I won’t pretend to understand the politics behind it, but Texas Governor Rick Perry finally did something I can applaud: he’s ordered that sixth-grade girls be inoculated against a virus linked to cervical cancer. Of course, the virus is sexually-transmitted, which is why it’s such a controversial order.
Some people see inoculating 11 and 12-year-old girls against a sexually-transmitted disease as permission or implied permission for them to have sex. I don’t agree. Apparently, neither does Gov. Perry.
Critics rip Perry’s vaccine mandate
Governor rejects opponents’ calls to reverse order
— reported by the Houston Chronicle
Social conservatives from Texas to Washington called on Perry to reverse his order making Texas the first state to require the vaccine, saying the mandate makes sex seem permissible and that parents should be the ones to decide whether to immunize their daughters. And several Texas lawmakers expressed outrage at Perry for circumventing the legislative process.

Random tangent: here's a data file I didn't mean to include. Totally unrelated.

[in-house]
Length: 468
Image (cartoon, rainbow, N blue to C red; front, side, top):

Perry refused to rescind the executive order he issued Friday requiring the vaccine for girls ages 11 and 12 who are entering sixth grade in September 2008. Parents will be able to opt out their daughters, as they can for other required vaccines.
In a statement, Perry addressed criticism that the vaccine could send a message that teenage sex is permissible.
“Providing the HPV vaccine doesn’t promote sexual promiscuity any more than providing the Hepatitis B vaccine promotes drug use,” the governor said. “If the medical community developed a vaccine for lung cancer, would the same critics oppose it claiming it would encourage smoking?”